Rapid material interrogation using X rays from a dense plasma focus

dc.contributor.authorIsmail, Mohamed Ismail Abdelaziz Mohameden_US
dc.description.abstractDense Plasma Focus (DPF) devices are multi-radiation sources of X rays, neutrons (when working with deuterium), ions, and electrons in pulses typically of a few tens of nanoseconds. The Kansas State University device (KSU-DPF) was commissioned to be used as a radiation source with the Mechanical and Nuclear Engineering Department. The device is operated by a 12.5 µF capacitor which can be charged up to 40 kV storing an energy of 10 kJ. The static inductance and resistance of the device L[subscript]0 and r[subscript]0 were measured to be 91±2 nH and 13±3 mΩ. Experiments have shown that the KSU-DPF device produces 2.45 MeV neutrons with a neutron yield of ~2 × 10^7 and 1.05 × 10^7 n/shots in both axial and radial directions. Ions up to 130 keV were measured using a Faraday Cup. The measured hard X-ray spectrum shows an X-ray emission in the range from 20 to 120 keV with a peak at 50 keV while the average effective energy was estimated, using a step filter method, to be 59±3 keV. The KSU-DPF device was used as a pulsed hard X-ray source for material interrogation studies using the signature-based radiation-scanning (SBRS) technique. The SBRS technique uses template matching to differentiate targets that contain certain types of materials, such as chemical explosives or drugs, from those that do not. Experiments were performed with different materials in cans of three sizes. Nitrogen-rich fertilizers and ammonium nitrate were used as explosive surrogates. Experiments showed 100% sensitivity for all sizes of used samples while 50% specificity for 5 and 1- gallon and 28.57% for quart samples. Simulations using MCNP-5 gave results in good agreement with the experimental results. In the simulations, a larger number of materials, including real explosives were tested. To ensure the feasibility of using the DPF devices for this purpose a second device was simulated and the results were encouraging. Experimental and simulation results indicate that use of DPF devices with simple, room-temperature detectors may provide a way to perform rapid screening for threat materials, especially for places where large number of packages need to be investigated.en_US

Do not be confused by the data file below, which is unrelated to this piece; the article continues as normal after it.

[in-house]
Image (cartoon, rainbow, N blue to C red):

dc.description.advisorWilliam L. Dunnen_US
dc.description.degreeDoctor of Philosophyen_US
dc.description.departmentDepartment of Mechanical and Nuclear Engineeringen_US
dc.publisherKansas State Universityen
dc.subjectDense plasma focusen_US
dc.subjectX raysen_US
dc.subjectMaterial interrogationen_US
dc.subject.umiEngineering (0537)en_US
dc.subject.umiNuclear Engineering (0552)en_US
dc.titleRapid material interrogation using X rays from a dense plasma focusen_US


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